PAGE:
Off to the Eye Doctor

Hey, gang. Originally, I had scheduled an eye doctor appointment for last Wednesday. I ended up breaking it and re-scheduling for today. Since there’s only so much re-scheduling a man can do in good taste, I’ve decided to keep this appointment. Wish me luck! Will resume blogging on the morrow. Your pal and humble narrator, [Read More...]

The Accents of Holiness

I thought all Irish-born American priests were dead and gone, surviving solely on celluloid — until last Sunday, that is. Then, for the first time, I heard a real, live brogue trilling from the pulpit. I can’t trace it to any particular city or county, although I’m sure it came from somewhere in the southern [Read More...]

Herman Cain Betrays Smokers

For a while there, it looked like the Cain campaign bus was headed for a Passenger 57 moment. No, I don’t mean doubters would soon be given to understand that they should, in the words of the Wesley Snipes character, always bet on black. Rather, there emerged the possibility that the candidate would seize each [Read More...]

How Halloween Turned Me into A Godawful Misogynist

For the men’s movement, the proprietors of the Chateau Heartiste blog serve as a pack of John the Baptists, proclaiming that the Kingdom of Woman is at hand. Thanks to overly liberated, “hypergamous,” women and laws that may force men to pay child support for children they did not, in fact, sire, the mating game [Read More...]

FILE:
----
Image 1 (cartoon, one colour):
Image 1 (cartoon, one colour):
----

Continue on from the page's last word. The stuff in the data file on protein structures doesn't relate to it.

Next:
To Find Redeeming Value in the Crucifix

In The Tower, news site of the Catholic University of America, Travis Bichoso makes an excellent case why building a non-sectarian worship space for Muslim students would be a wonderful gesture of interfaith good will. The five-times-daily prayer obligation presents Muslims with serious challenges. To meet them, many “find empty classrooms, or maybe a corner [Read More...]

Qadaffi, Video, and the Magic of Martyrdom

If you’re going to kill a bad man, you might as well put on a show. As I understand it, that’s the thesis Simon Sebeg Motefiore pushes in his recent New York Times essay on the death of Libyan dictator Colonel Muammar Qadaffi, whose killers recorded their handiwork for posterity on their cell phones. If [Read More...]

Cardinal Turkson: Beyond Wall Street

By now, it’s been pretty well established that “Towards Reforming the International Financial and Monetary Systems in the Context of Global Public Authority,” the document issued Monday by the Vatican’s Council for Justice and Peace, is not binding on the simple faithful. Anyone who disagrees with its proposal for new regulations on the global economy, [Read More...]

Vatican to Main Street, U.S.A.: The (Tea) Party’s Over

Poor Bill Donahue. The Catholic League president has made it his mission to rebut any prominent evangelical pastor who identifies the pope with the Antichrist — a tough job, even in the best of times. Today’s pronouncement from the Pontifical Council for Justice and Peace should make him want to clone himself. It’ll take at [Read More...]